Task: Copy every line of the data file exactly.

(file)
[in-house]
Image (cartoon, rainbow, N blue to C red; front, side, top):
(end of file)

[in-house]
Image (cartoon, rainbow, N blue to C red; front, side, top):